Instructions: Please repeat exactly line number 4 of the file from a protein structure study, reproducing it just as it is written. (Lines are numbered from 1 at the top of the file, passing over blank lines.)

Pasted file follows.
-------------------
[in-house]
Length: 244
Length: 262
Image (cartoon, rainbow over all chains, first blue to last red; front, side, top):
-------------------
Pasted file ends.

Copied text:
Image (cartoon, rainbow over all chains, first blue to last red; front, side, top):